Time, weight restrictions suspended for COVID-19 commercial vehicles
JACKSON, MISS. --- To assist with the transportation and delivery of critical commodities due to the COVID-19 pandemic, the Mississippi Department of Transportation (MDOT) is waiving required weight permits and fees, allowing weight increases and suspending time restrictions for certain commercial vehicles.
“A national emergency has been declared and states are allowed to issue overweight permits to commercial vehicles transporting commodities considered a divisible load on the interstate highways,” said Melinda McGrath, P.E., MDOT Executive Director. “This will help ensure timely and efficient delivery of goods and services throughout Mississippi during this great time of need.”
The temporary allowances are for commercial vehicles providing direct assistance in support of emergency relief efforts intended to meet the immediate need for:
Medical supplies and equipment related to the testing, diagnosis and treatment of COVID-19.
Supplies and equipment, including masks, gloves, hand sanitizer, soap and disinfectants, necessary for healthcare workers, patients and community safety, sanitation, and prevention of COVID-19 spread in communities.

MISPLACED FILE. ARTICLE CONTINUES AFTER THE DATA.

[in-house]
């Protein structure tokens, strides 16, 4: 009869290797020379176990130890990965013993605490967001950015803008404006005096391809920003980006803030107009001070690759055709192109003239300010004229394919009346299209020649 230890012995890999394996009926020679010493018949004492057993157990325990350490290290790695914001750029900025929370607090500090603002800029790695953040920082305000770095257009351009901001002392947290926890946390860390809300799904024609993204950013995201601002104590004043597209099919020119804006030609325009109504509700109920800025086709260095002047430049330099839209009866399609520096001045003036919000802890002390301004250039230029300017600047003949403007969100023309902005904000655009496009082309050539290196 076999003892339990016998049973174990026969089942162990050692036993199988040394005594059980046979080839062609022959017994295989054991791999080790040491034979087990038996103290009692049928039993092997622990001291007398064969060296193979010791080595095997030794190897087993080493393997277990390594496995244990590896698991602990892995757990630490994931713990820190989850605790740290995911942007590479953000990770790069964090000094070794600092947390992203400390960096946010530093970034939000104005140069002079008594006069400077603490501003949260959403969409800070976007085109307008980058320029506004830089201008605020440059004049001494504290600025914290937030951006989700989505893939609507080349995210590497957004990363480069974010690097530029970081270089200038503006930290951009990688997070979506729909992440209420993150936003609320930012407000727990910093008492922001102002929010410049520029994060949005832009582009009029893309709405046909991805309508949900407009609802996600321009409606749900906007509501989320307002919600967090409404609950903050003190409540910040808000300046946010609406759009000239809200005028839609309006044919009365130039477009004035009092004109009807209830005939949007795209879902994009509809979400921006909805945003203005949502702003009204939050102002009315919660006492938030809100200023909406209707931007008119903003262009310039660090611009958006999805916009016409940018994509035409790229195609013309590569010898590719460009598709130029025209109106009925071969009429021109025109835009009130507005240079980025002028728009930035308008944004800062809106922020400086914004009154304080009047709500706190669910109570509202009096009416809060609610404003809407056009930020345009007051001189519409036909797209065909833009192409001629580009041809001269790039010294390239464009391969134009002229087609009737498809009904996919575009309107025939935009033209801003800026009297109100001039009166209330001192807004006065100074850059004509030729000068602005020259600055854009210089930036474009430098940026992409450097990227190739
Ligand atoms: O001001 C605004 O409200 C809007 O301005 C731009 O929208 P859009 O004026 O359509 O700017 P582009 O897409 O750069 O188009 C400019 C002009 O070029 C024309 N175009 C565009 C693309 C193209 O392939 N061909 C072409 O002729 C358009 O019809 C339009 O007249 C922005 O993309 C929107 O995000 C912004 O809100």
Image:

Food for emergency restocking of stores.
Immediate precursor raw materials—such as paper, plastic or alcohol—that are required and to be used for the manufacture of essential items.
Equipment, supplies and persons necessary for establishment and management of temporary housing and quarantine facilities related to COVID-19.
Persons designated by federal, state or local authorities for medical, isolation, or quarantine purposes.
Persons necessary to provide other medical or emergency services.
Under this allowance, the maximum gross weight is 90,000 pounds on a five-axle commercial vehicle within a 51-foot outer bridge measurement. The maximum tandem limit is 40,000 pounds. All other dimensions must meet legal requirements.
Under the authority of Gov. Tate Reeves’ executive order signed March 30, the state is also suspending restrictions on the number of hours an operator can drive. The order follows guidance from a declaration from the U.S. Department of Transportation's Federal Motor Carrier Safety Administration issued earlier this month.
This declaration does not allow fatigued or ill drivers to operate a commercial vehicle. Nor does it allow vehicles to cross bridges with a posted limit below the gross weight of the commercial vehicle.